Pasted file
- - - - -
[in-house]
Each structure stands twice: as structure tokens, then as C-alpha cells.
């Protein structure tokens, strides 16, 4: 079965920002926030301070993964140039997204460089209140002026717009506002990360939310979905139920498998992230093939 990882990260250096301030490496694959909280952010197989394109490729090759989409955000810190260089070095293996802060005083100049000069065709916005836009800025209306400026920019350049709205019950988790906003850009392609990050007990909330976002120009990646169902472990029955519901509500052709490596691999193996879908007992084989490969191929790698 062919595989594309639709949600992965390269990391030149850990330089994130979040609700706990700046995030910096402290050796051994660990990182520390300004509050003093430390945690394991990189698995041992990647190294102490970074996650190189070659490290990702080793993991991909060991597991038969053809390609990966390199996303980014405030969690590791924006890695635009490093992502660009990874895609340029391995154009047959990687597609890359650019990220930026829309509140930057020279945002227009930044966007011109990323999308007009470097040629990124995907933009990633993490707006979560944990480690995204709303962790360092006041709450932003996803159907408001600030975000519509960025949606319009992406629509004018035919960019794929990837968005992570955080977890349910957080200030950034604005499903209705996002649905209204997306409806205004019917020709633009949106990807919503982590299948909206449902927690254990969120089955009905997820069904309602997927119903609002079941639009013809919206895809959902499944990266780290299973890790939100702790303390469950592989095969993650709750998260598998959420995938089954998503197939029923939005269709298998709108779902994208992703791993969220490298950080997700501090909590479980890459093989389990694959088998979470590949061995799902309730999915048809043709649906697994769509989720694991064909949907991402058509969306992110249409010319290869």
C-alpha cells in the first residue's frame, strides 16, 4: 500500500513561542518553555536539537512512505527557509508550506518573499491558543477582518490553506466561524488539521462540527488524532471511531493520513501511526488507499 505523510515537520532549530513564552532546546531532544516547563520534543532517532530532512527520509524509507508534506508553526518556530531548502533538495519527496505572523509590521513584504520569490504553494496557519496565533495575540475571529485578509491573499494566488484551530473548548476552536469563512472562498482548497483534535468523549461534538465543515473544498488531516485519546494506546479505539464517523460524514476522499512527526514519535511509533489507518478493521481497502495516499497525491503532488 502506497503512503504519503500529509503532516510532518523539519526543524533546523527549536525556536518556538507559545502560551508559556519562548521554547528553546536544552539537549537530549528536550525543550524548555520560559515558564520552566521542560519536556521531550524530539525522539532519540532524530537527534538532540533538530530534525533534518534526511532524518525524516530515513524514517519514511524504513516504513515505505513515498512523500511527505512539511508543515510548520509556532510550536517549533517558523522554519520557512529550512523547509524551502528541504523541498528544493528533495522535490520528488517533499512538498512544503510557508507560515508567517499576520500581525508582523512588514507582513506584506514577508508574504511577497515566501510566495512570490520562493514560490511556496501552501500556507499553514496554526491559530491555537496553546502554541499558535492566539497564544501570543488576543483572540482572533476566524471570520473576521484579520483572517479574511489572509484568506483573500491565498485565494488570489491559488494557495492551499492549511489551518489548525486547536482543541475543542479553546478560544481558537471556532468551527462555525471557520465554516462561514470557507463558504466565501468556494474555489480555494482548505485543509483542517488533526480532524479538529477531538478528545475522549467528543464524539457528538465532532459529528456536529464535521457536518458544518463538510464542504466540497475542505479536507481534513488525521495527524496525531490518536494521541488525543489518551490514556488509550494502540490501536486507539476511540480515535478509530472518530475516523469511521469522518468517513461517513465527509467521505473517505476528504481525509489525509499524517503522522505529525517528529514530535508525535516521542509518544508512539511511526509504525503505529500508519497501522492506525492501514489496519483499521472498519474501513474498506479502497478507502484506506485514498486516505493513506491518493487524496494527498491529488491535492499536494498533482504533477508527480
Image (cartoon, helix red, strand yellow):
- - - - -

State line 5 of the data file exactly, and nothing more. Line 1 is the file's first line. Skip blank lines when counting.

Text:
Image (cartoon, helix red, strand yellow):